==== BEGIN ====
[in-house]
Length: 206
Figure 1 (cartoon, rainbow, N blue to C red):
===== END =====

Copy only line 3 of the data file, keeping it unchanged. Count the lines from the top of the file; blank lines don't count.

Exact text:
Figure 1 (cartoon, rainbow, N blue to C red):